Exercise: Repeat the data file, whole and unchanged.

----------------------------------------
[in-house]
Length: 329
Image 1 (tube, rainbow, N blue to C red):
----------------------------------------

[in-house]
Length: 329
Image 1 (tube, rainbow, N blue to C red):